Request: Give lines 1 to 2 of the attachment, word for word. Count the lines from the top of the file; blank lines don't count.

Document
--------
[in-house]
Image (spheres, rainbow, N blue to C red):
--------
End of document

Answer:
[in-house]
Image (spheres, rainbow, N blue to C red):